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Related to obit: obituary


 (ō′bĭt, ō-bĭt′)
n. Informal
An obituary.

[Middle English, death, record of date of death, from Old French, death, from Latin obitus; see obituary.]
American Heritage® Dictionary of the English Language, Fifth Edition. Copyright © 2016 by Houghton Mifflin Harcourt Publishing Company. Published by Houghton Mifflin Harcourt Publishing Company. All rights reserved.


(ˈɒbɪt; ˈəʊbɪt)
1. short for obituary
2. a memorial service
Collins English Dictionary – Complete and Unabridged, 12th Edition 2014 © HarperCollins Publishers 1991, 1994, 1998, 2000, 2003, 2006, 2007, 2009, 2011, 2014


(oʊˈbɪt; esp. Brit. ˈɒb ɪt)

an obituary.
[1325–75; Middle English obite < Latin obitus death, derivative of obi-, s. of obīre to meet, meet one's death, die]
Random House Kernerman Webster's College Dictionary, © 2010 K Dictionaries Ltd. Copyright 2005, 1997, 1991 by Random House, Inc. All rights reserved.
ThesaurusAntonymsRelated WordsSynonymsLegend:
Noun1.obit - a notice of someone's deathobit - a notice of someone's death; usually includes a short biography
notice - an announcement containing information about an event; "you didn't give me enough notice"; "an obituary notice"; "a notice of sale
Based on WordNet 3.0, Farlex clipart collection. © 2003-2012 Princeton University, Farlex Inc.
References in classic literature ?
But words cannot describe the feelings of his admirable mother, when she learned, very shortly after her noble husband's demise, that her son was a member of several worldly clubs, had lost largely at play at Wattier's and the Cocoa Tree; that he had raised money on post- obits, and encumbered the family estate; that he drove four-in-hand, and patronised the ring; and that he actually had an opera-box, where he entertained the most dangerous bachelor company.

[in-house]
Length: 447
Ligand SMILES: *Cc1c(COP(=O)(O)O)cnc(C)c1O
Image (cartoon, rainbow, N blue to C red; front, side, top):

There's no known evidence that the thief saw the obit, and the paper didn't publish the home's address or even its neighborhood.
Speaking in the crisply enunciated, fact-filled sentences one might expect from a seasoned journalist, Fox elaborates: "Writing obits is really extraordinary training for writing narrative journalism in general, and particularly narrative journalism in which the lens of an individual life is used to examine larger social issues.
So often older people first read the obits to see who died and then the rest of the paper, and then tell their friends.
The New York Times' Maazel obit reported that the conductor's performances "could seem coolly fastidious and emotionally distant." Its obituary continued, "His tenures with the Cleveland Orchestra and the New York Philharmonic had their rough moments, too...
After reading some obits, I feel like the bereaved son in the apocryphal story which, I am sure, most of my readers would have heard.
De Quetteville delicately suggests that The Telegraph prepared an obit when it learned of Prince Harry's first deployment to Afghanistan in 2008.
Consider how Sheeler, an obituary writer for the Denver Post and Boulder Planet newspapers during the 1990s, wrote "After 624 Deaths, One More," his obit for Carolyn Jaffe.
But there is more to Clancy's composition than that, drawn as it is from Gabriel Orozco's artwork 'Obit'.
Taking first basic sciences then clinical sciences, scholars and practitioners consider such topics as the anatomy of the eye and obit, ocular pharmacology, the cornea and anterior segment, refractive surgery, pediatric ophthalmology, neuro-ophthalmology, and the retina and vitreous.
Relatives called The Jeffersonian Democrat newspaper in Brookville, Pennsylvania, after the obit appeared to report the woman was alive and well.
Falcon 9 is a two-stage launch vehicle capable of delivering 10,450 kg to low-Earth orbit and 4,540 kg to geosynchronous transfer obit.